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Alisha McLennan challenges perceptions of who can dance

11 Nov 2013

This content is tagged as Dance .


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Many of us would like to fly, to spin and flip through the air with grace and agility. Most of us don’t get the chance but for Aucklander Alisha McLennan, it’s what she does for a living.

Alisha McLennan, a dancer in the Auckland-based inclusive contemporary dance company, Touch Compass, specialises in aerial work with bungee and static rope. She recently added trapeze, silks and cocoon to the list.

Alisha’s skills were acknowledged when she was selected as one of three finalists in the Artistic Achievement category of the 2013 Attitude Awards. The recipients of these awards, which celebrate excellence and achievements of New Zealanders living with a disability, will be announced in Auckland on 3 December.

For Alisha, who has cerebral palsy, the Attitude Awards’ recognition was a lovely surprise. “I found out I was a finalist when I was in the UK and it gave me a sense of being on the right track. It’s really nice being recognised for doing something I love.

“I also love challenging people’s perceptions of who can dance.”

Alisha first got involved with Touch Compass and aerial work when she was ten-years-old. She had never danced before. “I did a couple of workshops and really enjoyed it. The second one was an aerial workshop and I was hooked. It’s what got me into both the aerial work and contemporary dance.”

She first performed with Touch Compass at its launch in 1999 at the Auckland Art Gallery Toi o Tāmaki and then went on to dance in the youth flying performance, My Room.

Alisha has remained a member of the company. “I am one of the dancers and also work as a support teacher. We also get the opportunity to develop our own choreography, something I would like to explore more.”

In a review of the InterACT Festival in October 2013, the reviewer described Alisha’s performance with Touch Compass as “hypnotically watchable” and a “real stand-out”. 

She also tutors the Touch Compass youth class with Rebecca Solomon and Adrian Smith, and says she finds the work both challenging and rewarding.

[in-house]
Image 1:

“But all my experiences in workshops and classes here in New Zealand and internationally have given me so many skills and perspectives to draw on when I’m working with young people and also within the company.”

Alisha has attended workshops in England in aerial work and contemporary dance. An AIMES Award grant in 2011 supported her to travel to England the following year and participate in a four-day workshop with Wired Aerial Dance, an aerial dance company specialising in bungee-assisted dance.

“The bungee was fairly new to me and it was my first experience of the vertical wall, where dancers work in harnesses next to a surface, much like a vertical trampoline,” she explains.
This year, Alisha attended two workshops in England to learn new techniques and skills: a Candoco Summer Lab at Lancaster University and a Paralympics aerial legacy workshop in London.

She was one of only 15 participants selected to attend the Candoco Summer Lab and describes it as life-changing experience. “I spent a week at the Candoco lab learning improvisation techniques. It was great being in a different environment. There were also optional evening classes so it was pretty full on.

“In the Paralympics workshop we worked on the silk, cocoon and trapeze. I was in the afternoon group and there were only four people in that workshop. There were only four teachers and so we got some great one-on-one sessions.”

Asked what she rates as her greatest achievement in dance, Alisha says: “If I was asked that question ten times over the past three years, I think I would have given ten different answers.

“There are so many highlights. Touch Compass’s fifteenth anniversary, three international workshops, watching students make huge progress and perform, an AIMES award and an Attitude Artistic Achievement finalist … and so much more.  I really can’t choose one. It’s been an incredible few years.”

Touch Compass is New Zealand’s only professional inclusive dance company. It receives funding from Creative New Zealand's inverstement programme.